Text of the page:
If the Georgia congressional delegation proportionally reflected the demographics of the state, the Latino community would have the voting power to elect one preferred candidate. Under this fair voting plan, the Latino community does not surpass the threshold in any super-district, but it does have significant presence in Super-District 4, where its 11% VAP just misses the super-district's 13.67% opportunity level. Given the competitive nature of super-district elections, candidates in Super-District 4 would presumably cater to the Latino community.

 FairVote's Super-District Race Breakdown

Super-District

Number of Seats

Threshold of Exclusion

Black VAP%

Latino VAP%

Black Voting Power

Latino Voting Power

1

3

25% +1

27.4%

7.0%

1

0

2

3

25% + 1

21.0%

5.8%

0

0

3

3

25% + 1

35.1%

4.6%

1 + 1 Opportunity

0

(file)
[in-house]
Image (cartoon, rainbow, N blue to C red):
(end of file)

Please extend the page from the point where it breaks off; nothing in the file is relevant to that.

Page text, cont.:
4

5

16.67% + 1

31.6%

10.5%

1

0

Statewide

14

-

29.2%

7.5%

3 + 1 Opportunity

0


Conclusion

Although Georgia Republicans clearly engineered a partisan gerrymander, electoral problems do not rest solely with Democrats and Republicans. Rather, the problem lies with the winner-take-all nature of single-member district elections, which allow district lines to determine most outcomes no matter how they are drawn. In this analysis, we have not touched the blatantly partisan lines that were our building blocks; we merely changed the rules and showed that fair voting provides immediate dividends to all voters.

If the redistricting games of winner-take-all continue, voters are likely to become even more disenchanted with our political system. Under Georgia's redistricting plan and many others like it across the country, a vast amount of voters are left unrepresented. Many of these congressional elections lack competition or offer just two candidates to the diverse array of voters. It is clear that one candidate cannot possibly reflect the makeup of her district, as winner-take-all assumes. Therefore, we need a new approach that will more accurately reflect the residents of each state. By adopting fair voting methods in super-districts, we can attain a more representative democracy.